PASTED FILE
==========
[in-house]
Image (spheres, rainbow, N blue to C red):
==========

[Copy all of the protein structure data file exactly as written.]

[in-house]
Image (spheres, rainbow, N blue to C red):